The Daily Tar Heel

Serving the students and the University community since 1893

Thursday June 8th

CAA Needs to Address Student Concerns About Organization Immediately

As I watched letter after letter be printed about Matt Dees' article about the Carolina Athletic Association and how "astonished" and "shocked" people were that he expressed his own opinion, I thought I would stay quiet. But after reading Lisa Vucelich's March 8 letter claiming that Dees wrote an "awful opinion piece and no class whatsoever," I had to respond.

Regardless of the validity of the arguments, there is a wide belief on this campus that there are serious problems with the CAA. The allegations surrounding the Duke ticket distribution, rumors that the CAA president gets 40 tickets which he dispenses like some Third-World dictator dispensing favors, and the power of Carolina Fever all combine to give the CAA a bad reputation.

As to Dees' column criticizing Reid Chaney, Vucelich -- get a clue.

It was obvious that Michael Songer was taking on an organization that is secretive and one that many believe has serious problems.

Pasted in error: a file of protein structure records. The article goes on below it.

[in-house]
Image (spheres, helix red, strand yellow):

In addition, he planned on taking away the 169 lower level seats allocated to Carolina Fever. (Which, as has been noted, is 14 percent of the lower-level tickets allocated for students).

Chaney, as Dees pointed out, was clearly running on a platform that would not radically alter the CAA, ensuring support from those who benefit from its current policies.

Anyone who read about or attended the Carolina Fever forum on the CAA president knows that Songer was hated by everyone in that organization and that Chaney was the "establishment" candidate.

To everyone in the student body: The best manner for you to change the process is to demand answers to the following questions: How many tickets does the CAA president get per semester?

How do you get a job with the CAA (those people holding up signs and in the box office)?

Is there any way in which Carolina Fever could give up a couple tickets to allow more members of the rest of the student body to sit in the lower level?

Perhaps we'll get a complete answer to these questions or perhaps the CAA establishment will continue to send the message that we find at the end of Orwell's "Animal Farm:" "Every animal is equal, however, some animals are more equal than others."

Justin Johnson


Political Science

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